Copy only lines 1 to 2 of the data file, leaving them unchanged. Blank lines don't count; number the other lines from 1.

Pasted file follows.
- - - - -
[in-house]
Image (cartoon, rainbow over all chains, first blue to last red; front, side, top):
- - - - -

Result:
[in-house]
Image (cartoon, rainbow over all chains, first blue to last red; front, side, top):